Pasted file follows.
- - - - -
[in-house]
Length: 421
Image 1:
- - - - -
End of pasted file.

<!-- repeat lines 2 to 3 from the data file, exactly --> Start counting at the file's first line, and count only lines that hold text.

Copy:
Length: 421
Image 1: